How is 16s rRNA extracted and used to determine microbial diversity?


The molecular analysis of ribosomal RNA (rRNA), specifically the 16s sub unit is crucial to examining the diversity of microorganisms. The sequences of the 16s rRNA provides insight into the lineage of prokaryotic organisms and can provide information of the relative abundance of specific microbial communities. But how is it we can look at the specific sequence of rRNA from a microbial source such as meat or water.
The methods for DNA and RNA extraction involve a combination of lysis and extractions to yield a crude DNA product. We can then amplify the rRNA gene with the polymerase chain reaction (PCR) using primers specifc for the 16s rRNA gene fragment. Additionally the RNA from cells can be separated and examined for the rRNA product. Separation of DNA from RNA is possible by gel filtration chromatography because of the structural differences of DNA and RNA ( double stranded vs single stranded, T vs U)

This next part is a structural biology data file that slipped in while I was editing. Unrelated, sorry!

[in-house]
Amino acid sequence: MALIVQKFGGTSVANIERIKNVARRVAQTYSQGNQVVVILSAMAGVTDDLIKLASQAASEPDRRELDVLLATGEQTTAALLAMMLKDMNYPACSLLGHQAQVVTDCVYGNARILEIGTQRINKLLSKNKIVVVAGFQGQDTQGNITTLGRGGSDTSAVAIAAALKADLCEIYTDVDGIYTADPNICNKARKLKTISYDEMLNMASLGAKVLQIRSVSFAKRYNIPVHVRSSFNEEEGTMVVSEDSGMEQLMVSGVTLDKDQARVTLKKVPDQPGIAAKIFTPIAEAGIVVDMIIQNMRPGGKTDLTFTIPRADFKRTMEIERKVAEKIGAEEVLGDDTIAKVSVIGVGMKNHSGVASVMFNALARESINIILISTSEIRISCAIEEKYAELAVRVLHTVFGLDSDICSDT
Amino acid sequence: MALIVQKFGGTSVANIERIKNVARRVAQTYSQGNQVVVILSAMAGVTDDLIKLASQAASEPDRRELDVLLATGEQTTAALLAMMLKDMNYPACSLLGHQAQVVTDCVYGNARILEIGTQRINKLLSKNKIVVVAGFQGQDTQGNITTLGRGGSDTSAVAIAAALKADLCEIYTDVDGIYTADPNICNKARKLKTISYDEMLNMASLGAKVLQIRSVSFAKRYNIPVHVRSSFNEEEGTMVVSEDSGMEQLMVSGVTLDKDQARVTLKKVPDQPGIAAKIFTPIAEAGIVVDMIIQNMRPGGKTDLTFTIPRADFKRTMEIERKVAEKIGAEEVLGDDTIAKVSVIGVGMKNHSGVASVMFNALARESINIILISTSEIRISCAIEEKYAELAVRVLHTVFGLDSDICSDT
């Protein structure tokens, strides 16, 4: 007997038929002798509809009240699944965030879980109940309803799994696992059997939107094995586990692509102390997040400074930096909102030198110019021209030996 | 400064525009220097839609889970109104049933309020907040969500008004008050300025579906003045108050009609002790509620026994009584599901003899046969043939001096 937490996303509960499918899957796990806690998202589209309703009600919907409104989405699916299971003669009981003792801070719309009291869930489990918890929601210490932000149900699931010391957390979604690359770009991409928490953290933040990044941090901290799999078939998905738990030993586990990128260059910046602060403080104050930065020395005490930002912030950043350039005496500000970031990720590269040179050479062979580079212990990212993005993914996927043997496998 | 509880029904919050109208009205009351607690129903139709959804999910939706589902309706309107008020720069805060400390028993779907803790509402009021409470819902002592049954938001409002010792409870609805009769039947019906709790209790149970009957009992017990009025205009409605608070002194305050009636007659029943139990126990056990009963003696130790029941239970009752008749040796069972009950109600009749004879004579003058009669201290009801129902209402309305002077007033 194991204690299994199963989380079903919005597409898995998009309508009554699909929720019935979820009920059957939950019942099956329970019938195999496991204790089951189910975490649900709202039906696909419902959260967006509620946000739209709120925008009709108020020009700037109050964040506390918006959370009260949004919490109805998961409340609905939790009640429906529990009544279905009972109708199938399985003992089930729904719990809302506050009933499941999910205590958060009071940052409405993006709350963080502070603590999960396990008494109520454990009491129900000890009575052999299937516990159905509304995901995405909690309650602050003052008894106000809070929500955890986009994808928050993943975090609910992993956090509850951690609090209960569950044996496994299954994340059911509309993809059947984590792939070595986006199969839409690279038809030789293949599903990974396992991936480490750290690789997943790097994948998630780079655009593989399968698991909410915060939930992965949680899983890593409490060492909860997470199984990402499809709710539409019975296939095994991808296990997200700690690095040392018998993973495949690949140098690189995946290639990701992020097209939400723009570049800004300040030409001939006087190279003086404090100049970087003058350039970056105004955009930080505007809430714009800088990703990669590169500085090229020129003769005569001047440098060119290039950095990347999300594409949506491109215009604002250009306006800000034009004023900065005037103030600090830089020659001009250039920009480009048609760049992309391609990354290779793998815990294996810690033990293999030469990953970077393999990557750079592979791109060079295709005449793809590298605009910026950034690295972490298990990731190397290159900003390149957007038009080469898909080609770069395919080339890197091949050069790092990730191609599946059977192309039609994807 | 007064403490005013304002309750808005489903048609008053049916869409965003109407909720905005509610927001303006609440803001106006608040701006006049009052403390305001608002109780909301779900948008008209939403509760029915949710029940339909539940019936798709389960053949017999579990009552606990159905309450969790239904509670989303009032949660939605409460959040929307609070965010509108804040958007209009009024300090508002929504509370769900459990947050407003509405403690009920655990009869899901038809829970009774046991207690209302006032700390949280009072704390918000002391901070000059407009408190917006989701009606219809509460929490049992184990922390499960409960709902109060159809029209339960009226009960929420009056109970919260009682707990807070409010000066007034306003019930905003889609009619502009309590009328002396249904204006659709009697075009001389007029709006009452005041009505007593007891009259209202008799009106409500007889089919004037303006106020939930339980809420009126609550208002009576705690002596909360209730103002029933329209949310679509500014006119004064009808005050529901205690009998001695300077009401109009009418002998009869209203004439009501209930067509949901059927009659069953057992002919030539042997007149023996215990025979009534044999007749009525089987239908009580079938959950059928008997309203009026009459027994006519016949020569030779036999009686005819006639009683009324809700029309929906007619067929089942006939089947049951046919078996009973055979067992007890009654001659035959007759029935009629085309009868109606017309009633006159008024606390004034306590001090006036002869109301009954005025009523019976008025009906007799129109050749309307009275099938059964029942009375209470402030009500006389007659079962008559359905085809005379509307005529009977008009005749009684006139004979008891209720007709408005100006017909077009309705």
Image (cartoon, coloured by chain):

Using a technique known as reverse transcription polymerase chain reaction (RT-PCR) which uses a reverse transcriptase enzyme we can reverse transcribe the rRNA molecule into its complementary DNA (cDNA) The genetic fingerprint of both PCR and RT-PCR products can be determined by a denaturing gradient gel electrophoresis (DGGE).

DGGE allows researchers and clinical scientists to amplify the 16s RNA from a source: meat or water, and visualize the variations in the microbial communities. The banding pattern in the gel provides high enough resolution to determine specific changes in sequence which can give information of mutations and help determine genetic diversity. Additionally the intensity of the banding patterns will provide and idea of the abundance of certain microbial communities.



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